Two homes feared lost in second Colorado wildfire |

Two homes feared lost in second Colorado wildfire

Campbell Kujawa-Black, 6, and Dawson Cross, 8, right, watch a fire burn at sunset, Sunday, Sept. 12, 2010, near the Bison Visitor Center west of Loveland, Colo. (AP Photo/The Coloradoan, Dawn Madura)
AP | The Coloradoan

LOVELAND, Colorado – Authorities believe a second wildfire burning in the foothills of northern Colorado has destroyed two homes, but firefighters were hopeful Monday that they could gain control over the blaze.

There are six to 10 homes within a half mile of the 700-acre fire, but it wasn’t moving very aggressively, Larimer County sheriff’s Maj. Bill Nelson said.

Firefighters were hoping to take advantage of the lull and drop more fire retardant on the blaze, which has burned about a square mile. Nelson said authorities were in a good position to get the blaze under control using an air tanker and helicopters that had been fighting a wildfire 35 miles to the south, near Boulder.

“We need to control it today. We have enough resources to do that,” he said.

The fire near Boulder destroyed at least at least 166 houses, and officials expected to have it fully contained later Monday, one week after it broke out and quickly spread because of strong winds.

The fire near Loveland started just as hundreds of people were able to return to homes scorched by the first blaze.

They were met with the dreary sight of burnt trees, melted mailboxes and uneven patches of blackened ground. At one destroyed property, all that remained was a stone chimney surrounded by walls of brick about waist high. Saplings in the front yard were burnt and barely their trunks remained.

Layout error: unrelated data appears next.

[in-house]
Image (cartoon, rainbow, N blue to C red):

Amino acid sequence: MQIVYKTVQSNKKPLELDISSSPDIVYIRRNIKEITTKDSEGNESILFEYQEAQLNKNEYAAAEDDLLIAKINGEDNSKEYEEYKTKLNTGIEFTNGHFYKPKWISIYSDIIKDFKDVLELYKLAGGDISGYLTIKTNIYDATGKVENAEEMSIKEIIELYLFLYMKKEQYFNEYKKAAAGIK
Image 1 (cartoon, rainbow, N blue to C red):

A senior law enforcement official familiar with the investigation told the Denver Post that authorities were looking into whether a resident’s fire pit sparked the week-old blaze. The newspaper did not name the official.

The sheriff’s office was aware of the Post article but won’t comment on the cause or origin of the fire because it’s under investigation, said Sarah Huntley, a spokeswoman for the fire response. Meanwhile, authorities issued a ban on open fires effective Monday evening, barring the use of charcoal grills and campfires as well as trash and debris burns.

Winds were much calmer when the fire broke out near Loveland, and rounds of helicopters assigned to the Boulder fire were brought in to drop bucket loads of water Sunday. Air tankers also helped dropped fire retardant to slow the spread of the blaze, allowing fire crews to get in and build containment lines around about 10 percent of the fire. Nelson cautioned, however, that there were some gaps in that line.

Ron and Carol Christensen confirmed that the fire destroyed their home on Turkey Walk Trail, according to the Loveland Reporter-Herald. The Larimer Humane Society was able to rescue their sheltie.

About 300 firefighters – including elite hot shot crews – were expected to work on the fire.

Residents within a four-mile radius fire were told to evacuate. Andy Hiller, a Loveland spokesman, said the city sent evacuation notifications to more than 1,700 phone numbers.

The cause of the fire hasn’t been determined, but with no lightning in the area recently, Nelson said he assumed the fire was somehow started by people.

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